Beginner’s Guide to Hiking

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As spring marks the start of hiking season in North America, fall, with its cooler temperatures and changing colors, is when long-distance hikers are eager to pack their bags. It’s also a great time to dip your toes into a multi-day hike.

Simply put, hiking means walking an established end-to-end trail in one direction, usually over weeks or months, while sleeping (and often camping) along the route each night. In the United States, there are eleven National Scenic Routes considered true hiking trails, including the Appalachian Trail on the east coast, the Continental Divide Trail that runs from Mexico to Canada, and the Pacific Crest Trail, best known to Cheryl Strayed. . Savage.

But you don’t have to walk for months to enjoy the joy of hiking. Many sections of these scenic drives are also accessible to beginners interested in a weekend, or even a night, of trail life. Below, seasoned hikers and gear experts discuss how to safely start long-distance hiking.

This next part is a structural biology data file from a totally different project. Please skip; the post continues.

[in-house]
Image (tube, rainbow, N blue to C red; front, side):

Where to start

If you’re a comfortable day hiker looking to push your limits, an overnight stay is an easy first step before moving on to multi-day trips. “Once you have enough overnight and day hikes under your belt to be comfortable with your own abilities, just go for that multi-day hike or even hike a longer trail.” , says Jackie Lastinger, a 28-year-old solo hiker. from Georgia who completed the Appalachian Trail.

There are a number of hiking organizations that can help you prepare, such as American Long Distance Hiking-West, whose mission is to inspire, educate, and promote camaraderie among long-distance hikers. They regularly host Ruck events (after the German word for backpack), which are one-day educational get-togethers to help backpackers of all skill levels prepare for upcoming hikes, with sessions on trail options. , equipment, hiking strategies, stories, etc. .

REI also offers a range of outdoor classes at locations across the country. “One of the best ways to prepare is to learn how to use a physical map and compass,” says Gary Elbert, a REI Adventures trail guide based at the cooperative’s Arizona Adventure Center. Elbert says their map and compass class is the most popular for aspiring hikers.

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